Herodotus Book 5 Review

Topics: Greeks, Ionian Revolt, Sparta Pages: 2 (658 words) Published: November 29, 2009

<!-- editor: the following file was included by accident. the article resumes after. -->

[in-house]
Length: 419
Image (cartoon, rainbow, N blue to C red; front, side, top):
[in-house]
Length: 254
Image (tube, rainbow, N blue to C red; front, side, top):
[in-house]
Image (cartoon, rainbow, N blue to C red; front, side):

Herodotus, Herodotus: The Histories. London: Penguin Group, 2003. In the start of the fifth book, Herodotus tells of the beginning wars between the Persians and the Greeks. The reader can find Herodotus to be somewhat messy with his writing in the beginning of this book because it gets confusing. Herodotus seems to favor Histiaeus of Miletus by calling him kind and honorable. One of Herodotus’ main themes is the Persians conquest and we learn of how the govern and take over land. Later in the book, Herodotus explains how the Greeks revolt against Darius. The author is biased in this part because he considers the revolt to be disastrous. Herodotus does not seem to like the Greek kings who are protégés of great kings. The story of Aristagoras revolting against the king Darius is messy on Herodotus’ part because he knows two stories, not just one. A democratic government is established when the Persians are seized and Ionian Greeks rebel. Arrangements for war are made in preparation after the rebel of the Greeks. Aristagoras ignores advice from an oracle, and instead asks help from the Spartan army, which is known to be a great army. The reader is taught by the author of Aristagoras’ visit to Sparta. Herodotus goes in to great detail about the host of the trip, and tells story from his early childhood, and we even learn how Cleomenes is not all there in the head. Herodotus still does not seem too biased in his writing, but he does seem to realize when someone is crazy. Aristagoras is asked to leave by his hosts because of a disagreement. The author seems to color some of his stories a bit too dark, and might be better suited if he didn’t go in to great detail about them because they confuse the reader and leave them wondering. For example, Herodotus’ account of the Ionian revolt is confusing to the reader. Herodotus does a good job of explain how the democratic government worked out in Athens. Aristagoras continues to go into the Greek towns, and...
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